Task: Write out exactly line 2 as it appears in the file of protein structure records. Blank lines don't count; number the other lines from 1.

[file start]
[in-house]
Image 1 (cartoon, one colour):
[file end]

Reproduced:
Image 1 (cartoon, one colour):